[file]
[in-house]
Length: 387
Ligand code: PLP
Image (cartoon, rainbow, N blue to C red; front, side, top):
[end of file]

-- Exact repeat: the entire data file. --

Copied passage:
[in-house]
Length: 387
Ligand code: PLP
Image (cartoon, rainbow, N blue to C red; front, side, top):